One of the most rewarding parts of assisting grant making is getting a glimpse into the outcomes made possible. Organizing, measuring, and gathering data for impact requires time and patience for both the work taking place along with results to be seen in aggregate.
There is currently a debate taking place in philanthropy with regards to evaluating similar grants in meaningful ways. On one hand, a foundation can require specific metrics be reported, but this may overlook other meaningful ones which would otherwise be provided. There is also the problem of frequency and the rate at which certain data should be measured in order to make an assessment. Lastly, what are the ways foundations and non-profits can collaborate on shared initiatives to see the bigger picture and not just their own.
Our application was already being used to organize reports and other documentation for each grant. While useful for foundations, there was still a gap in how grantees could share updates with foundations along with tracking events and activities of their own. Updates were built around tagging grants and categories with loosely coupled metrics of sentiment, currency, quantity, percentages, and geography. The grants were linked to foundations who had placed them into program areas, and the metrics could be specified or mapped by the foundations to their own sets of data. This gave the non-profits the tools to provide results for work which could be mapped at a later time to the foundations initiatives.
Using a loosely coupled set of metrics, we could group grants according to program areas, initiatives, and location and pull out common data for comparison. This framework was designed to be flexible so that taxonomy could be layered in separate or adjusted later for other types of measurements. Having a rich history of constructing reports for foundations, we started with hard metrics like quantity, percentage, currency, geography, and subjective ones like sentiment, category, and narrative.
Capturing insights from metrics is one of the ways we saw impact being inferred from the product. In addition to preserving the underlying narrative, these insights could be created ad-hoc and include outside data relevant to the sample size, rather than forcing the measurements into a pre-determined system prone to change later on. For instance, across grants related to air quality, one could extract a yearly carbon measurement quantity. That metric/tag combination would connect to the grant and (by extension) the foundation funding the work. While the foundation could request the specific measurement, they could also evaluate metrics implicitly and weigh them separately, such as by funding amount. For added context, other sources could be shown such as funding by location or similar air quality measurements.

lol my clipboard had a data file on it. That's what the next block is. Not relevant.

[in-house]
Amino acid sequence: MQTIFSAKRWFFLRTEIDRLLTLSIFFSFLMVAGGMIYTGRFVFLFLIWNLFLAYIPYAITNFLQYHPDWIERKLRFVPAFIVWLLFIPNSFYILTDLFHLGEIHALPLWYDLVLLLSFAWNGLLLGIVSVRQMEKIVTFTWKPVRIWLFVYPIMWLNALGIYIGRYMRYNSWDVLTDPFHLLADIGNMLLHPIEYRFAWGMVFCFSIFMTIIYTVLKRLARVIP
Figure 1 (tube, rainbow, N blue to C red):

With the tools available to record, connect, and visualize updates, there was still a big piece remaining - How were foundations, non-profits, and others going to make use of the data outside of our sandbox? We put together a summary builder to demonstrate some options for exporting collections of insights and narratives, along with adding text and images to tie it all together. Any chart or narrative could be captured and added to a summary where the arrangement could be configured. The summary could be shared with another editor to make changes, or as an exportable pdf or document. This allowed for collaboration on works in progress along with a source of charting and narrative for reports submitted during the course of a grant.
There is much to be settled with regards to measuring impact in philanthropy. Companies like Fluxx will continue to help foundations share and learn from one another in their approach to measurement and taxonomy. As new channels of communication are opened up between grantor and grantee, the depth of reporting will continue to improve. While we look forward to reading the rich reports published by foundation program officers, keep an eye out for what becomes of the new forms of collaboration between grantees and non-profits making waves in the philanthropy world.